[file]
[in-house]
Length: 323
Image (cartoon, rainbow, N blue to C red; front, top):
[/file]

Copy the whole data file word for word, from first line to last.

[in-house]
Length: 323
Image (cartoon, rainbow, N blue to C red; front, top):